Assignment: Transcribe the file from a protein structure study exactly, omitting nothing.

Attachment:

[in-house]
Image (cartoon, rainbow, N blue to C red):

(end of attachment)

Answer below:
[in-house]
Image (cartoon, rainbow, N blue to C red):